And we’ve seen the exact opposite happened too, where certain leaders have taken certain positions. And it’s a bismal in terms of the economy, in terms of the health of the people, in terms of the morale of the people that they purport to lead. So the truth is leadership matters. Leadership matters, and this turn to nationalism really has, um, really, I believe has caused so much death and destruction and loss during this time of pandemic. So.
Richard Streitz: Yeah. Now strong, strong leadership is definitely, um, it’s definitely key. And historically, I mean, you know, going back thousands of years, right? We’ve seen demonstrations of this play out, um, where nationalistic ideas, uh, um, fester and, uh, and caused a decline of, of, of, uh, of countries and civilizations.
Uh, again, it’s, it’s, it’s interesting how we just continuously, repeat a trend over and over and over again. But, uh, again, that’s just inherently hardwired into how we think as a species, I guess. Um, and, uh, yeah, we always like to think that we can plan and be better, um, with, with the future. But it’s interesting, but also.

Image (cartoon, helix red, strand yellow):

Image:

David Pérez: And we can.
Richard Streitz: And we can, and we can, and we will,
David Pérez: It is a possibility we just need to do better in education. We need to do better in making sure that everyone has opportunities. And I’m sure that if things happen again, they will be better. We will be better prepared.
Richard Streitz: Yeah, absolutely. I think it’s interesting.
David Pérez: Go ahead.
Richard Streitz: Oh, I was just going to say, I think it’s interesting our conversation has gone complete in, in regard to sort of the micro with, with the, uh, with personal, um, and, and, and larger community and state and, and, and global, and I, you know, isolation really affects all of those different levels, us as individuals, us as communities, us as, as cities and states, us as countries. Um, and, uh, and really that’s what we are seeing and experiencing, um, throughout the world.
David Pérez: Yeah. And it is a great opportunity for us to spark the idea at least of change of ‘let’s work together to get out of this. All of us’. We can all do something for our neighbor. We can all do something for our neighboring countries.
We can all do something for the world to be better after this.